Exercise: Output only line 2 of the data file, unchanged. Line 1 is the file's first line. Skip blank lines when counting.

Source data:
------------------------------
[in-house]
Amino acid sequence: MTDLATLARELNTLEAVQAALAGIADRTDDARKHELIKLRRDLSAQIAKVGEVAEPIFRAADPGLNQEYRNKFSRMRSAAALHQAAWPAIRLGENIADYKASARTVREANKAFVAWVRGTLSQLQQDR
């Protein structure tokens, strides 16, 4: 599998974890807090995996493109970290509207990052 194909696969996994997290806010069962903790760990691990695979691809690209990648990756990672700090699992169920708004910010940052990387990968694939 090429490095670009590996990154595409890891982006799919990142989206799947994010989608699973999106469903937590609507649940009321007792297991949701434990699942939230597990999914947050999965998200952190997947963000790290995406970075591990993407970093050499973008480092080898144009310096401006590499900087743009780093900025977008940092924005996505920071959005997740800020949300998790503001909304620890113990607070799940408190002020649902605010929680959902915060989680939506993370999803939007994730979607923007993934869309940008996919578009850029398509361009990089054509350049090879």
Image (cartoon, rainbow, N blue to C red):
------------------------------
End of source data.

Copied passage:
Amino acid sequence: MTDLATLARELNTLEAVQAALAGIADRTDDARKHELIKLRRDLSAQIAKVGEVAEPIFRAADPGLNQEYRNKFSRMRSAAALHQAAWPAIRLGENIADYKASARTVREANKAFVAWVRGTLSQLQQDR